- Set aside at least 2-3 hours of study time (reading,
homework, review) for each 1 hour you are in class. Using this study time
formula, plan for 8-12 hours outside of class for a 4-credit class each
week. That’s 68-103 minutes a day.
- Create a list of everything that you have to do
and include the length of time for each activity. Add these to a weekly time
map that becomes a guide for each day. If you have more to do than hours in the week, you may need
to make some tough decisions about which activities you can reduce or eliminate
from your schedule.
- Maintain a term-long
calendar that includes due dates for all big activities such as midterms
and essays. This will help you
plan ahead for weeks in the term that may be particularly busy.
- Find out why you are procrastinating and
stop! If you understand the
reasons for your procrastination, you
can start to formulate solutions to get back on track.
- Reduce distractions to balance academic, personal, and work life. University life is filled with many opportunities to learn and
grow outside of the classroom, including spending time with friends and family,
participating in student organizations, and attending interesting
- Take time for yourself and maintain your own
balance and wellness in your life.
- Need more help? Visit drop-in study skills support, make an appointment with TLC faculty, take a credit course, visit the TLC math and writing labs, or attend one of our workshop.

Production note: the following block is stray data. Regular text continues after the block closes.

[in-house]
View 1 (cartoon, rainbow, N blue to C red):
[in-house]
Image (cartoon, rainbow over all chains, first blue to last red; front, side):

“Carnegie Mellon Professor Randy Pausch (Oct. 23, 1960 - July 25, 2008) gave a
lecture on Time Management at the University of Virginia in November 2007.”
Study Hours Formula [pdf]
To determine how many hours you need to study each week to get
A's, use the following guideline rule of thumb: study 2 hours per hour in class
for an easy class, 3 hours per hour in class for an average class, and 4 hours
per hour in class for a difficult class. Use this worksheet to calculate the number
of hours you should try to study each week.
Weekly Scheule [pdf]
A time map is a tool to use for planning your week at the
beginning of each quarter. You may be amazed to see the pockets of time
you can find in your day after you fill in classes, work, and other activities
that happen every week.
Use this term-long calendar to plan big events (papers, exams,
activities) throughout the term. This tool helps you see everything you
need to accomplish together in one place.
Students procrastinate for many reasons, and many resources are
available to help students overcome procrastination.
The Cal Poly Academic Skills Center site lists reasons why students procrastinate and describes positive steps toward reducing/eliminating procrastination. The site also includes an activity to determine what you are procrastinating and why.
The University of Illinois Counseling Center describes several reasons why people
procrastinate and includes information on limiting procrastination and planning
Discover your procrastination style on the Psych Wisdom website where you can take a quiz to find out which of six different types of procrastination best describes you. There are also information sheets for how to manage each different type.
The University of Waterloo Counselling
Services describes five strategies that students can try to reduce distractions
and improve concentration.
The Delaware State Education Association website includes effective methods for improving concentration while
The Campus Recreation and Wellness center at the University of Baltimore describes describes six demensions of wellness and ways to achieve balance in each of them.